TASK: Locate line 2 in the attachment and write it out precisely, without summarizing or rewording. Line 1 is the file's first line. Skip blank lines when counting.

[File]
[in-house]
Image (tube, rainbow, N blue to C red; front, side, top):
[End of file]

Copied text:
Image (tube, rainbow, N blue to C red; front, side, top):